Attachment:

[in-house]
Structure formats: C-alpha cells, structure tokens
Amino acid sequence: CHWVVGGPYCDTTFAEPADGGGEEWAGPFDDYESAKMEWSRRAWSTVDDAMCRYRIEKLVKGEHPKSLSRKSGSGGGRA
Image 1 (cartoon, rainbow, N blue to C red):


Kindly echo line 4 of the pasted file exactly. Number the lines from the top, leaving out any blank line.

Image 1 (cartoon, rainbow, N blue to C red):